July 19, 2010

Mass allows Ethiopian community to come together in Lebanon

The Daily Star:-BEIRUT: Lebanon is widely known to be home to 18 official religious sects, but with the steadily growing numbers of foreign workers in the country, several other religions and sects now have a critical mass, requiring places to come together for worship and fellowship.

The current center of the Ethiopian Orthodox community is located at the church of the Convent of the Franciscaines in Badaro, where Ethiopian expatriates have been able to maintain their rich cultural and religious heritage every Sunday.


Akin to Lebanon, Ethiopia’s major religions are Christianity and Islam. It is estimated that approximately 60,000 to 70,000 Ethiopians are currently working in Lebanon. Many have been here for several years and don’t intend to return home to Ethiopia soon due to dismal economic and financial conditions. Overwhelmingly female, most are employed in household labor and are paid a wage that most Lebanese could never survive on. As of now, attending church on Sundays is one of the ways for the community to come together.

The service is in Amharic, Ethiopia’s official language. Worship typically begins at 8:00 am and concludes between 12:30 pm and 1:00 pm.

Most of the service entails the priest singing a capella canon to the congregation as they respond back in song, often bowing their heads. The inside of the church is impressive in its austere simplicity. The harsh white walls are unadorned and the wooden pews are worn, but worshipers brave the heat and humidity without air-conditioning.

The church-goers come from all over Lebanon by bus or taxi, from as close as Beirut’s suburbs to as far away as villages on the Lebanese-Israeli border. They remove their shoes before entering the church and loosely drape themselves in a matala, a thin, transparent white cloth that is symbolic of the purity and cleanliness necessary to enter the house of God. Women must wear long, modest clothing that covers their shoulders. Trousers and long skirts must cover the legs to at least the ankle.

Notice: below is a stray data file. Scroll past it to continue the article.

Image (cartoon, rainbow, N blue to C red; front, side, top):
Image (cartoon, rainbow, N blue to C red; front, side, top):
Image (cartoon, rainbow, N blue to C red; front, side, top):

Not all of Lebanon’s Ethiopian workers can always make it to church.

“I am lucky to be able to come worship today, my Madame doesn’t let me come always because she needs me to work on Sundays in the kitchen. Many other Ethiopians can’t come to our church at all because their Madame won’t let them have a day off,” said one attendee, who preferred to remain anonymous.

Until recently, Ethiopians lacked a church of their own, as they have been renting the Convent of the Franciscaines for the past decade, and before that, services used to be held at a church in Gemmayzeh. Finally, an Ethiopian Orthodox church was built two years ago in Ain Aar, above Bikfaya.

Ethiopian workers and ordinary Lebanese citizens who wished for the community to have their own place of worship funded Lebanon’s first official Ethiopian Orthodox church. However the new church is slated to be used only during special festivities and holidays, due to its location; hence regular church services are held in Badaro. The Ethiopian Orthodox calendar, which begins on the September 11, sees 150 festivities per year.

Ethiopians continue to remain wary of the media, amid the spotlight on less-than-adequate treatment by their employers, a rash of suicides by domestics, and the workers’ fear of being deported.

Photographers and journalists are asked to keep their distance, and for now, the church in Badaro is a place where the Ethiopians of Lebanon can come together, but not a place where Ethiopians can interact with the rest of their host society.

Source:- The Daily Star
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